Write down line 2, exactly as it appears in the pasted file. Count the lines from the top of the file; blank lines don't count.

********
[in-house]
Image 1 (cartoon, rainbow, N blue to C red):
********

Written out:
Image 1 (cartoon, rainbow, N blue to C red):